Nokia's fall from grace

Nokia's fall from grace

Windows Phone is holding back one of the most promising phone makers in the industry.

What should have been a day of pride for Nokia served only to remind the world how far the company has fallen. At last week's Lumia 1020 event in New York, it became clear that the company has no plans to change its ways--even if its stubbornness means sliding into irrelevance in the smartphone market. As Apple and Samsung duke it out for first place, Nokia is left fighting for the scraps along with BlackBerry and every other unlucky device maker in the smartphone game.

How did the number one phone maker in the world end up an also-ran? Simple: it bet the house on Windows Phone.

Nokia's mistakes

In 2011 Nokia and Microsoft established a strategic partnership in which the Finnish phone manufacturer agreed to make smartphones that ran on Microsoft's mobile operating system, while simultaneously phasing out Symbian. Earlier Windows phones from the likes of HTC and Samsung hadn't been all that impressive, but people were confident that Nokia--already beloved around the world for its durable and colorful handsets--could save the platform from obscurity.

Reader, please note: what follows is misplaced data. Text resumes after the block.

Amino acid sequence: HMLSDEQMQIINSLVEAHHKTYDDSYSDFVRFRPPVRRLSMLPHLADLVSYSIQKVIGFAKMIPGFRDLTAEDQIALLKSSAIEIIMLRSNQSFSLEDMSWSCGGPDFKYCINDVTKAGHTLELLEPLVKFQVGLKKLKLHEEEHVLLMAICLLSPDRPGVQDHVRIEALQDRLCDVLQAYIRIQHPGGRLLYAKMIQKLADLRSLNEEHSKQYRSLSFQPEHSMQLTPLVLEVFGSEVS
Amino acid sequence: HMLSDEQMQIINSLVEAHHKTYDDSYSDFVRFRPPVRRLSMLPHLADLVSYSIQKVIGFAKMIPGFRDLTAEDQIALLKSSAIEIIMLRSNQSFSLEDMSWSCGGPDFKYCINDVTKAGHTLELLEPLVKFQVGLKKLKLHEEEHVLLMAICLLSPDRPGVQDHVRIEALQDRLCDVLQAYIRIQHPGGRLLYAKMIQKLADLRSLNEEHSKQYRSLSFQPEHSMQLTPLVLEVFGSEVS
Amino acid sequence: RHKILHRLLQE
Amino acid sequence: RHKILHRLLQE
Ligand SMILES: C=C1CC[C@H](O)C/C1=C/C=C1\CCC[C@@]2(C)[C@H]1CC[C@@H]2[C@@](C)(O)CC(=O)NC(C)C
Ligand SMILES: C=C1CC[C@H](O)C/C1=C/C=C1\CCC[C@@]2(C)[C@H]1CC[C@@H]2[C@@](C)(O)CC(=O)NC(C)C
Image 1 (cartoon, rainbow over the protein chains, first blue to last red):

The Lumia 800, Nokia's first Windows Phone, was well-received abroad, and the U.S. public seemed excited at the idea of a Nokia smartphone that would work with U.S. carriers. But the first Windows Phone that Nokia brought stateside was the Lumia 710--a phone that lacked the polish and style of the 800 and was limited to one of the smaller nationwide mobile carriers (T-Mobile). The Lumia 900, which followed a year later, was a much better handset, but once again its distribution was limited to a single carrier (this time, AT&T).

These single-carrier deals arose partly because Nokia didn't (and doesn't) have the clout necessary to release a phone on all four major carriers at once. Even before it made smartphones, Nokia was more popular in other parts of the world than it ever was in the United States, where its name doesn't carry the same gravitas that Apple or Samsung does. Without a huge success under its belt, Nokia must launch its phones with carrier exclusives and co-marketing deals.